In A Different Key, John Donvan and Caren Zucker found that Dr. Hans Asperger worked with Nazis in Austria. We are now learning more details.
I came to this research because my son was diagnosed with autism and Asperger's syndrome. That's one of the reasons it's so complicated because the diagnostic criteria are overlapping. And like any parent, I read what I could about the diagnosis. And the blurbs that I found in parent manuals or online or on his Wikipedia page, as you said, described him in these heroic terms. My very first file that I looked at in the archives, however, was his district Nazi Party file that was reporting on his political reliability. And there were about 20 documents, and they're commenting on his support for the regime's racial hygiene measures, for his support for sterilization policy, racial policy. There was a document written by an SS officer saying that while Asperger was in a position to expose activities that were happening, he chose not to. So really, from the very first file. And to me, it's very surprising that this history has not come out yet.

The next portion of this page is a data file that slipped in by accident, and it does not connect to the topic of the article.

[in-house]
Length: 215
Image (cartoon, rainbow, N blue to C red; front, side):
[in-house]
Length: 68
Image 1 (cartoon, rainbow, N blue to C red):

There are a few reasons why I think we should get rid of the name. One has to do with medical ethics. Eponymous diagnoses are granted to honor individuals who are describing a condition for the first time and to commend their work as human beings. And in my opinion, Asperger merits neither. The second reason to rename the diagnosis is that it no longer exists as an official diagnosis according to the American Psychiatric Association. In 2013, it was reclassified as autism spectrum disorder. And so today, you can't receive a diagnosis of Asperger's syndrome in the United States. It remains an official diagnosis in other countries that go by the World Health Organization's standard, but even that is being reclassified because it's seen as indistinct from other criteria for autism.